Updates March 25, 2024

Veteran resilience training Ukraine - 'I've returned'

Post-war counselling program for Ukrainian veterans

Veteran resilience training Ukraine - 'I've returned'

The Veteran Resilience Training Ukraine (VRTU) is a pioneering, post-war counseling program spearheaded by the Maple Hope Foundation. The program’s mission is to provide Ukrainian veterans with empowering, sustainable change by introducing, implementing and expanding the world-renowned Canadian Veteran Transition Program (VTP) in Ukraine. With the number of wounded and internally displaced soldiers and civilians exceeding the tens of thousands, and a decline in the state’s financial and social resources, the mental health issue for Ukrainian veterans is critical and pressing.

More specifically, The VRT is directed at facilitating knowledge transfer from Canadian specialists to Ukrainian mental health practitioners; delivering recovery workshops to Ukrainian veterans suffering from PTSD and post-war trauma; and developing a sustainable network of trainers and participants to provide on-going support and program development over an initial 1-year period starting in the spring of 2018.

VRT is a highly-acclaimed group-based therapy method developed at the University of British Columbia by psychologists and medical experts to help men transition from military service to productive civilian lives. Over 600 Canadian veterans have participated in the program to date, all of whom reported meaningful benefits. Recent and ongoing research has shown reduced trauma symptoms, decreased depression and increased self-esteem. Approximately 90% of those who complete the program move on to new career opportunities and again become productive, contributing citizens. The program has been successfully implemented in Australia and is ready to be introduced to other countries.

The Maple Hope Foundation has partnered with the VTP team at the University of British Columbia and under the guidance of the program’s founder, Dr. Marvin Westwood, they have adapted the program to fit the Ukrainian culture and context. Their aim is to provide both immediate intervention for men returning from military service, as well as long-term support of veterans and their families. VRT also fosters the education and professional development of the service providers in Ukraine, who will be equipped with crucial skills and latest tools to assist their trauma patients. The Ukrainian name of the program is “Я Повернувся” (“I’ve Returned”), a powerful symbol for the program’s mission to enable soldiers to return to their lives and families, both mentally and physically.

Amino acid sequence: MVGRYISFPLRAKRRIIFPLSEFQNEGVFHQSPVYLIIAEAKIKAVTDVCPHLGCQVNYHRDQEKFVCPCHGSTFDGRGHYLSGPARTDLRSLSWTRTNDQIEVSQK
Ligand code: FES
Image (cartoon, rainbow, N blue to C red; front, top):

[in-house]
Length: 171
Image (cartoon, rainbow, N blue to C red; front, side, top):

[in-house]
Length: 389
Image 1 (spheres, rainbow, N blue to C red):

The Pilot Project will be launched in the spring of 2018. A team of 6 Canadian clinicians and psychologists will deliver an intensive 2-week training to 8 Ukrainian mental health practitioners. After the training, Ukrainian and Canadian teams will co-jointly deliver 4 Veteran Recovery workshops to 24 veterans in total. Upon the completion of the pilot project, all participants will be interviewed and evaluated by the researchers from the Canadian University of British Columbia, who will make further recommendations regarding the VRT’s implementation and development.

At the end of the first year, 16 Ukrainian mental health practitioners will receive VTP training and certification, enabling them to continue organizing and conducting VRY workshops in Ukraine. Moreover, 48 veterans will have completed the VRP and become the inaugural group of the VRT Alumni.

Our long-term plan is to use this sustainable model of simultaneous training and VRT workshop delivery to grow and advance the program to different cities and regions of Ukraine. The first three years will require substantial assistance and support from the Canadian VTP team until the Ukrainian network is sufficiently developed to operate as an autonomous system.

The potential advances in group-based counseling and trauma therapy afforded by the VRT project are profound. They would allow mental health practitioners in Ukraine to understand the origins, symptoms and factors that influence veterans’ inability to recover from post-war trauma. Most significantly, the training would allow them to apply that knowledge through proven methods in gradual group-based veteran recovery to effect positive change in Ukraine.

The knowledge of post-war trauma and the implementation of the Veteran Resilience Training counseling methods are of critical importance to the overall population health, social stability and economic well-being of Ukraine. We ask you to join our mission to give back to the veterans of Ukraine for their courage and military service, and help them recover and return to civilian life. Together, we have the opportunity to set a global example by making significant inroads into sustainable men’s mental health in Ukraine and curbing the devastating long-term effects of violent conflict in Ukraine.